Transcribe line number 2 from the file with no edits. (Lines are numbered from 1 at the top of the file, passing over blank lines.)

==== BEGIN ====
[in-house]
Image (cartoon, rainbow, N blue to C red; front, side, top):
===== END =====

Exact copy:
Image (cartoon, rainbow, N blue to C red; front, side, top):